Posted in Operations & IT Articles, Total Reads: 2287
, Published on 16 January 2013
There has been a lot of hoopla about cloud computing lately. Every organization wants to jump on the “cloud”. Many have already made the change and others are keenly looking at it to solve their Information Technology related problems.
Cloud is a new IT service delivery model. Today, we will look at Software as a Service (SaaS) delivery through cloud computing.
Previously, organizations hosted their critical applications like ERP, e-mail etc. on their own servers (on-premise model). This generally meant having dedicated workforce for maintaining these servers 24X7 because if these servers went down, the organization would typically come to standstill (e.g my previous organization hosted outlook mail on its own servers and one fine day when these servers went down, employees couldn’t work for the whole day!)
Contrast this with the cloud model where the critical applications are hosted on the cloud ( on server farms maintained by dedicated companies with relevant expertise and the organization using the service is connected to the server farms through a dedicated internet link). All complications of keeping the services up and running is transferred to the partner and the organization using the services gets a guaranteed minimum performance level through SLAs and the best part is it pays only for the amount of resources it uses (“pay as you use” model).
So, what if my previous organization had hosted its email service on the cloud? First, it wouldn’t need to buy and maintain servers in which it had no expertise, as a result the failures would be less. It wouldn’t need to employ a dedicated IT team for maintaining the servers+applications and it would be charged on pay by use model, meaning there would be great cost savings!
How can it help Indian companies to gain competitive advantage?
While the cloud model of IT service delivery has several advantages for all types of organizations in India - large or small in several contexts, SaaS can be used either for delivery of services or for their consumption. Service delivery model is important for companies using SaaS to deliver outsourced services of MNCs from India, the service consumption is relevant for Indian SMEs, where the IT budget and expertise is limited.
For example, using SaaS model, a firm based out of Bangalore can provide digital publishing solutions to digital publication houses in USA. This has opened up entirely new revenue streams for Indian outsourcing providers who can provide expert services to clients at low cost. The Indian IT biggies are already offering SaaS as a part of their portfolio (Infosys offers several SaaS platforms like iEngage, CommerceEdge, SocialEdge etc.), even SMEs are successfully using it for novel services, some examples:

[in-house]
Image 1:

● Impelsys Inc offered its SaaS-based flagship iPublishCentral solutions to Vilnius Gediminas Technical University in Lithuania. iPublishCentral helped the university offer over 300 eBooks to its readers, through the portal.
● TravelCarma, a small firm based in Gujarat, offers travel solutions in Frankfurt.
For Indian SMEs low on IT budget and expertise, cloud offers a cost-efficient way to use enterprise grade IT services. A couple of scenarios:
Microsoft Office enterprise edition costs almost 18k per license and Sharepoint server which enables collaboration features like email, calendar, messenger, office documents etc costs lakhs in license plus the cost of hardware and maintenance. Google Apps provides all these services( Gmail+Google Docs+Google Calendar and much more on on custom domain) as SaaS with a 99.9% uptime at a cost of $5/user/month or $50/user/month. All the SME needs to maintain and pay on ongoing basis is a good internet connection, everything else is taken care of. The collaboration features allows employees to work more productively and cuts down travel costs, giving a huge competitive advantage.
Though an ERP package makes a good case for an SME to help solve its accounting headaches or keep track of huge number of raw materials and finished goods going in and out, an ERP package is generally too costly for SMEs along with the headache of maintaining servers and all. However with SaaS offerings from the leaders of ERP like SAP, Oracle and even the smaller players like Tally and Ramco, SMEs can pay on per user basis at very low prices, thus getting a competitive edge in managing inventory and greater transparency and insight into business accounts.
The services available through SaaS model today are not limited to office suite, email or ERP. Companies can practically use SaaS for all of their IT needs including accounting, collaboration, and content management, CRM, HRM and Management Information System (MIS).
And these are only some perspectives on how SaaS is helping Indian organizations gain competitive edge and at the same time increase market base and gain new revenue streams. Cloud computing is a paradigm changing shift which is going to impact organizations in several ways. With Gartner predicting worldwide revenue from SaaS delivery to cross $14 billion in 2012, and $22 billion by 2015, the future definitely looks bright. As the technology progresses, many of SaaS related issues like data security risk, true cost-effectiveness and the difficulty of interoperability with other systems will be ironed out which will further speedup consumption. SaaS must form a part of IT strategy of all companies, big and small.